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OK, now The Redwood really is dead and gone forever from Capitol Hill

(Image: CHS)

You can finally give up on those rebirth of The Redwood hopes. Nearly two years after the never say die dive bar was finally demolished and erased from Capitol Hill, a permit just issued from the City of Seattle all but guarantees a new boozy offshoot will not rise from  the corner of Howell and Belmont

Developer Blueprint Capital has been approved for a change of plans to eliminate the mixed element of its seven-story mixed-use development rising at the corner. The new permit allows Blueprint to transition its plans for a ground floor food and drink space in the project to become two “live/work” units.

Blueprint has not responded to our inquiries about the change but with the challenging times hitting the Hill’s food and drink economy, it’s probably not a huge surprise to see the restaurant or bar space cut from the plans.

“Live/work” is also a trend seen in other area developments — often to the chagrin of neighborhood advocates — as developers attempt to meet zoning requirements for commercial space with the more flexibly leased units. The large Modera development set to open soon rising where the Bonney Watson funeral home used to stand is on recent example where pushback on planned live/work units facing Cal Anderson along Nagle failed.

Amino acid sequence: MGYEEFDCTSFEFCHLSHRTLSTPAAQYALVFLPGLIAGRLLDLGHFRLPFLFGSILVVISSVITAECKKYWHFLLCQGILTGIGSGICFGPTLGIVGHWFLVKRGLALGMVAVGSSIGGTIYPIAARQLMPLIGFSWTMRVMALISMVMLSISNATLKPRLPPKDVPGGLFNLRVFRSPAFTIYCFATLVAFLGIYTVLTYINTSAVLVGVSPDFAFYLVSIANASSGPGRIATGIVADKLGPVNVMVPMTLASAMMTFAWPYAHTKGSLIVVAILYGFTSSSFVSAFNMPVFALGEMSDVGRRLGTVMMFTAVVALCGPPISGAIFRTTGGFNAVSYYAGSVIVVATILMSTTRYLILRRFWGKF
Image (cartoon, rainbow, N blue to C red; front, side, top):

The neighborhood bar infamous for inspiring nearly annual fits of sadness over its pending displacement may be gone — but The Redwood does still exist on Capitol Hill. Developed by Johnson & Carr, the four-story “small efficiency dwelling unit” building stands as “a modern and relaxed urban community” not far from 21st and E Madison.

(Image: The Redwood)


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3 thoughts on “OK, now The Redwood really is dead and gone forever from Capitol Hill” -- All CHS Comments are held for moderation before publishing

  1. A shame on so many levels – loss of Redwood + live/work is a failed program that is rarely used as required as the City has no enforcement mechanism in place and real estate agents constantly fail to tell potential residents of the requirements.

  2. the redwood was never going to come back in a new building, and it never should, the redwood was a special place and would never fit that new building, or even the current neighborhood. go visit the spruce in port angeles.

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